These two weeks saw the Bitcoin market partially recover from the rough start at the beginning of the month. In Week 38, Bitcoin opened at $10,340 and closed at $10,900. Its price briefly broke out above $11k on both Wednesday and Saturday but failed to garner strong support at this level. The price eventually fell back into range, trading just above the $10,000 mark.
At the start of Week 39, Bitcoin was trading at $10,895 but quickly derailed into a sell-off on Monday — along with the decline in the stock markets. However, BTC’s price soon returned to its former trading range, ending the week at a price of $10,740.
However, despite only sitting narrowly above its resistance level, Bitcoin has stayed north of the $10,000 mark for the longest time in history, breaking the previous record of 62 days set between December 2017 and January 2018.
The lackluster performance of altcoins in general have refocused traders’ attention back on Bitcoin, whereby it gathered momentum to reclaim market dominance, which bounced back to 58.3% from 56.6% last week.
BTC deposits at major exchanges have been falling consistently since March this year, and are currently at their lowest level since November 2018.
In addition, 60,000 bitcoins became illiquid in Week 38, a reflection of a continued trend we’ve been witnessing throughout September. This indicates that the hodler mentality continues to prevail as traders expect the return of a bull run, possibly after the U.S. presidential election.
Bitcoin’s on-chain fundamental has recovered from the slumber of the past weeks. The number of addresses holding at least 1,000 tokens has increased slightly compared to the start of Week 38.
On the other hand, BTC accounts holding a minimum of 10 tokens dropped to a year-to-date low on September 21, implying that smallholders, who may have been spooked by consecutive rough sell-offs, were dumping. However, this figure also bounced back marginally by 0.7% toward the end of the month.
The market also observed a substantial rise in the number of on-chain BTC transactions. Both the trading liquidity and transaction liquidity saw modest increases, possibly due to a surge in stablecoin supply and on-chain transaction counts.
The gradual recovery has somewhat eased investors’ anxiety over the possibility of a market meltdown. Investor sentiment also rose along with the upwards price movement of Bitcoin. Meanwhile, the rate at which hodlers have been acquiring BTC indicates a level of confidence in Bitcoin’s long-term growth, while exerting an upward pressure on BTC price as the supply of Bitcoin continues to decline.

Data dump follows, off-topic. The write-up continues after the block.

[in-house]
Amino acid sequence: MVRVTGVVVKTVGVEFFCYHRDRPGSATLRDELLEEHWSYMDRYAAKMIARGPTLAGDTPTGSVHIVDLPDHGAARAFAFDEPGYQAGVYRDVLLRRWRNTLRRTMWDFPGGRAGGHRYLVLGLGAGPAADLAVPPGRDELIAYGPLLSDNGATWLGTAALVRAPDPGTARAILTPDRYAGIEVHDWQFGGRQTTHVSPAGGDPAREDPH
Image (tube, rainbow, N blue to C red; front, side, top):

Throughout 2020, we have witnessed a growing correlation between the crypto markets and the traditional financial markets. That correlation has been strengthened after the crypto markets responded to the 2.2% drop in stock markets. Similarly, the correlation between Bitcoin and Gold saw a moderate increase in September, rising from the negative correlation that prevailed in Q2.
Major altcoins have experienced mixed performances over the past weeks. While ETH, XRP, and BCH gained slightly against the U.S. dollar; LTC, DOT, and LINK lost value in Week 38, but have mostly recovered from the drop.
Tether’s circulating supply has also been ballooning. Its market cap surpassed $15 billion — more than triple — since the liquidity crunch in March. Tether is not the only stablecoin project seeing incredible growth this year. USDC started the year with a circulating supply of $0.5 billion, which has since grown to reach $2.4 billion, at a growth rate of 358%.
Since August 15, the balance of ETH on centralized exchanges has decreased by 11.6%, with a net withdrawal of 2.2 million ETH. Meanwhile, the amount of ETH in smart contracts has increased by 2.4 million. This shows that the massive amount of ETH poured into the DeFi space not only comes from exchange withdrawals, but also from private wallets.
Currently, the total amount of ETH locked in the DeFi ecosystem amounts to $8 million, as compared to $16 million in ETH on centralized exchanges. Meanwhile, the transaction fees on Ethereum skyrocketed to a new high, owing to the airdrop of the new UNI token. The DeFi frenzy continues to put pressure on the network.
Nasdaq-listed MicroStrategy invested another hefty sum of $175 million in Bitcoin, raising its BTC holdings to $425 million after the purchase, and exposing the world’s largest sovereign wealth fund to Bitcoin.
The New York-based cryptocurrency fund provider Grayscale has acquired an additional 23,000 BTC to its holdings in September. Institutional investors are probably the forces behind Bitcoin’s great price resilience against recent consecutive bad news.
Institutional investors aside, the crypto space has welcomed more new entrants as the number of non-zero BTC wallet addresses approaches 30 million. Meanwhile, the number of daily active BTC addresses has been growing organically from 67k in January 2020, to 1.12 million as of September 30 — approaching the historic high of 1.26 million established in December 2017. Enthusiasm from both institutional and retail investors is the bedrock of the sustainability and longevity of an asset class, and it will continue to propel Bitcoin to overcome current hurdles to reach higher ground.